Report by E2 Research finds: Engaging young employees with the workplace does not work with old methods

Press Release

Different generations have different expectations of work. Some young people crave stability and are committed to their jobs, while others make choices with a priority on their leisure time and relationships.

Firms are seeking individual solutions to engage young workers at the workplace. Internal migration within Finland makes matters more difficult for employers. A worker may quit their job if their partner moves to another city:

“Today, work isn’t so important as to take precedence over a romantic relationship. That’s true even if the couple can think of ways [to combine work and the relationship].” (manager interviewed during the study, forestry sector organization)

These are the findings of a study in which workers and managers, both aged under 30 and aged 50–65, were interviewed. The interviews included licensed practical nurses and registered nurses, personal assistants, customer service agents in the care sector, fast-food workers and forestry machine operators. The report is part of the Building Finland’s Future research project by E2 Research.

Continual orientation

Three types of young workers stand out: the steady workers, the overburdened, and the ones who are still learning about the working world. Thus, workers expect different things from orientation and management.

When staff turnover is high, the management has to invest a lot of resources in orientation:

“We’re constantly orientating workers here. Before Covid, we had a lot of supervisors who thought ‘I’ll orientate this person and that will be that’. Now, we’ve started to train supervisors in continual orientation. They’re always orientating someone.” (manager, fast-food restaurant)

Smartphone use causes mixed feelings

There are differing expectations of interaction between co-workers: older employees want to interact face to face, while the younger ones are happy to use their smartphones. These differing expectations cause tensions between age groups:

“I’d say that how people use technology is where you see the differences in skills. […] It also requires technical know-how. This creates a bit of a difference, and some difficulties. People don’t necessarily understand other people’s world and how they search for information, understand the world around them and form relationships.” (woman in older age cohort, care services)

Both younger and older workers prefer their peers’ company, which deepens misunderstandings and prejudices between the different age groups. Common goals and problem solving strengthen cooperation between age groups. Workers also considered working in pairs across the generational divide rewarding.

Excluding young workers stymies problem solving in workplaces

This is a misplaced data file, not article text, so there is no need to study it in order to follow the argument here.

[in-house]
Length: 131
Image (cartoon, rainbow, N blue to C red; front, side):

Some workers, both younger and older, are uncertain about their position on the job market. As a result, older workers may be unwilling to share their skills and to support younger workers’ professional development. Younger workers, in turn, may end up overextending themselves and burning out.

Older workers generally have more sway when it comes to determining the workplace’s practices. Excluding younger workers erodes trust between age groups and the staff’s ability to solve problems and adapt to changes.

“I asked nicely […] the older people at my work whether this [workplace practice] was really the case. I was told rather bluntly that everyone knows it is.” (young woman, healthcare sector)

Aino Heikkilä of E2 Research, PhD student and an author of the study, underscores the point:

“Workplaces shouldn’t try to define the ideal age for an employee; they should accept the person with all their qualities as a member of the team. Age management is often used to mean supporting older workers, but smart age management would also include identifying other age groups’ special traits and uncertainties, as well as using a range of skills in performing the work.”


About the study:

The Report Nuorten ja varttuneiden yhteistyö työpaikoilla is the second publication in the Building Finland’s Future project. The data from the study comes from 37 individual interviews conducted in 2023.

The research project seeks solutions to topical employment problems, such as the skilled worker shortage and polarization. The study was funded by the Trade Union Pro, the Finnish Association of Private Care Providers (HALI), the Trade Union for the Public and Welfare Sectors (JHL), the Ministry of Justice, the Service Union United (PAM), Confederation of Finnish Construction Industries, the Finnish Confederation of Professionals (STTK), the Central Organisation of Finnish Trade Unions (SAK), Industrial Employees, and the Finnish Pension Alliance (TELA). The chair of the project’s monitoring group is Juha Antila (SAK) and the vice chair is Ville Wartiovaara (Confederation of Finnish Construction Industries).

The study will be published on 18 December 2023 between 10.00 and 11.30 at the E2 Research office in Helsinki. The event will also be streamed online. Register for the event here:

E2 Research is a multidisciplinary, independent research organization which provides research-based knowledge to associations, companies, foundations, municipalities, government ministries, politicians and the media.



Further information about the project:
Ville Pitkänen
Doctor of Social Sciences, E2 Research
+358 40 7770 869

Further information about the study results:
Aino Heikkilä
M.Sc., PhD student, E2 Research
+358 44 3028 727